Translating Tech Data Sheets – Compressive Strength

What is Compressive Strength?

The next stop on our grand tour of physical properties is compressive strength, the ability of a material to resist forces that would cause it to, well, compress. It is a feature of structures and of substances. For the purposes of this article, we are most interested in the compressive strength of chemical-resistant mortars, grouts, monolithic surfacings and polymer concretes, the types of materials we use at PennCoat.

Don’t Be Tense

Compression is the opposite of tension (which we’ll discuss next week). Compression is considered a negative strain, and compressive strength arises from the reluctance of molecular bonds to shorten. As negative strain increases, the pressure tends to cause buckling, which is sideways deflection. The material’s ultimate compressive strength is the point at which it fails.


The industry standard applicable to our focus of materials is ASTM International, (formerly known as the American Society for Testing and Material) C579, last updated in 2012. The test applies to materials based on resin, silicate, silica or sulfur bindings. In simplified form, the test involves an apparatus that applies compressive force and detectors that measure and plot pressure.

Three different test methods exist, one each for materials containing aggregate sizes:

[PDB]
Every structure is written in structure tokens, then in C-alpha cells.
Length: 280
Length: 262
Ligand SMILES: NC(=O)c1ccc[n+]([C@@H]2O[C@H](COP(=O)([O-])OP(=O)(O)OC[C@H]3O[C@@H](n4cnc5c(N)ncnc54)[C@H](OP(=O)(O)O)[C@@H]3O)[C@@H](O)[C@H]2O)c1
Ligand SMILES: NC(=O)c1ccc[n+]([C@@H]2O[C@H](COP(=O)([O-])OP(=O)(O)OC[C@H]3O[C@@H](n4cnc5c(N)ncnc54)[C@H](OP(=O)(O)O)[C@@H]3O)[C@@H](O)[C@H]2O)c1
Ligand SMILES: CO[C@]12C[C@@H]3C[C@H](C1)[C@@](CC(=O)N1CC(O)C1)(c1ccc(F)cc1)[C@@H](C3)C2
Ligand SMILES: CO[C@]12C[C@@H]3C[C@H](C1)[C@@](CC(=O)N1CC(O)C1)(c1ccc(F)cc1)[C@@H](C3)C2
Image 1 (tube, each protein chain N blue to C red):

• Less than 1.6 mm
  • 6 to 10 mm
  • Greater than 10 mm

The tests can use two different load rates:

  • Load Rate I: 6 psi per minute
  • Load Rate II: 0.20 to 0.25 inches per minute crosshead speed

For example, some epoxy grouts involves using brass or steel molds for creating two-inch cubes of the material, which cures for 24 hours at a temperature no lower than 65 degrees. It tests the cubes using Load Rate II.

The two rates might produce different numbers for compressive strength. Five-Star takes tests after 1, 7 and 28 days. Care is taken not to apply compression load to the original top or bottom cube surfaces.

The compressive strength of the material in derived by dividing the load into the cross sectional area, and is expressed in psi.

Foot Wear

The reason compression strength is important is because many of the tested materials must stand up to years of heavy foot traffic and/or vehicle use. The constant pounding can lead to failure over time — stress cracks and so forth. We refer to a product’s data sheet to compare the compressive strength of various competing materials. For example, Poly-Crete MD, a cementitious urethane from Dur-A-Flex, Inc., has a compressive strength of 9,000 psi when tested under ASTM C579 methodology. This means the material can absorb a load of up to 9,000 psi without failing. We think that’s pretty good. The compressive strength of Five-Star DP Epoxy Grout ranges from 11,000 to 15,500 psi, depending on curing time and conditions.